Choose any 3 digits and make a 6 digit number by repeating the 3
digits in the same order (e.g. 594594). Explain why whatever digits
you choose the number will always be divisible by 7, 11 and 13.
A three digit number abc is always divisible by 7 when 2a+3b+c is divisible by 7. Why?
Find the sum and difference between a pair of two-digit numbers. Now find the sum and difference between the sum and difference! What happens?
This challenge, written for the Young Mathematicians' Award, invites you to explore 'centred squares'.
This activity involves rounding four-digit numbers to the nearest thousand.
Try adding together the dates of all the days in one week. Now
multiply the first date by 7 and add 21. Can you explain what
How many ways can you find to do up all four buttons on my coat? How about if I had five buttons? Six ...?
Only one side of a two-slice toaster is working. What is the
quickest way to toast both sides of three slices of bread?
This challenge asks you to imagine a snake coiling on itself.
Got It game for an adult and child. How can you play so that you know you will always win?
This challenge focuses on finding the sum and difference of pairs of two-digit numbers.
This task follows on from Build it Up and takes the ideas into three dimensions!
Can you find all the ways to get 15 at the top of this triangle of numbers?
Can you see why 2 by 2 could be 5? Can you predict what 2 by 10
Investigate the sum of the numbers on the top and bottom faces of a line of three dice. What do you notice?
These squares have been made from Cuisenaire rods. Can you describe
the pattern? What would the next square look like?
What happens if you join every second point on this circle? How
about every third point? Try with different steps and see if you
can predict what will happen.
For this challenge, you'll need to play Got It! Can you explain the strategy for winning this game with any target?
In a Magic Square all the rows, columns and diagonals add to the 'Magic Constant'. How would you change the magic constant of this square?
In this game for two players, the idea is to take it in turns to choose 1, 3, 5 or 7. The winner is the first to make the total 37.
An investigation that gives you the opportunity to make and justify
We can arrange dots in a similar way to the 5 on a dice and they
usually sit quite well into a rectangular shape. How many
altogether in this 3 by 5? What happens for other sizes?
Tom and Ben visited Numberland. Use the maps to work out the number of points each of their routes scores.
The Egyptians expressed all fractions as the sum of different unit
fractions. Here is a chance to explore how they could have written
Sweets are given out to party-goers in a particular way. Investigate the total number of sweets received by people sitting in different positions.
Benâ€™s class were cutting up number tracks. First they cut them into twos and added up the numbers on each piece. What patterns could they see?
Find some examples of pairs of numbers such that their sum is a
factor of their product. eg. 4 + 12 = 16 and 4 × 12 = 48 and
16 is a factor of 48.
Are these statements always true, sometimes true or never true?
The sum of the numbers 4 and 1 [1/3] is the same as the product of 4 and 1 [1/3]; that is to say 4 + 1 [1/3] = 4 × 1 [1/3]. What other numbers have the sum equal to the product and can this be so for. . . .
A game for two people, or play online. Given a target number, say 23, and a range of numbers to choose from, say 1-4, players take it in turns to add to the running total to hit their target.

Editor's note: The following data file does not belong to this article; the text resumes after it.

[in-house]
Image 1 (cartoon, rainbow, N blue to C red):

This challenge encourages you to explore dividing a three-digit number by a single-digit number.
Find the sum of all three-digit numbers each of whose digits is
Place the numbers from 1 to 9 in the squares below so that the difference between joined squares is odd. How many different ways can you do this?
It would be nice to have a strategy for disentangling any tangled
Strike it Out game for an adult and child. Can you stop your partner from being able to go?
Nim-7 game for an adult and child. Who will be the one to take the last counter?
In this problem we are looking at sets of parallel sticks that
cross each other. What is the least number of crossings you can
make? And the greatest?
You can work out the number someone else is thinking of as follows. Ask a friend to think of any natural number less than 100. Then ask them to tell you the remainders when this number is divided by. . . .
What happens when you round these three-digit numbers to the nearest 100?
Use your addition and subtraction skills, combined with some strategic thinking, to beat your partner at this game.
Can you tangle yourself up and reach any fraction?
Put the numbers 1, 2, 3, 4, 5, 6 into the squares so that the
numbers on each circle add up to the same amount. Can you find the
rule for giving another set of six numbers?
Use two dice to generate two numbers with one decimal place. What happens when you round these numbers to the nearest whole number?
Find out what a "fault-free" rectangle is and try to make some of
Consider all two digit numbers (10, 11, . . . ,99). In writing down
all these numbers, which digits occur least often, and which occur
most often ? What about three digit numbers, four digit numbers. . . .
What would you get if you continued this sequence of fraction sums?
1/2 + 2/1 =
2/3 + 3/2 =
3/4 + 4/3 =
Start with any number of counters in any number of piles. 2 players
take it in turns to remove any number of counters from a single
pile. The winner is the player to take the last counter.
A collection of games on the NIM theme
Here are two kinds of spirals for you to explore. What do you notice?
Here are some arrangements of circles. How many circles would I need to make the next size up for each? Can you create your own arrangement and investigate the number of circles it needs?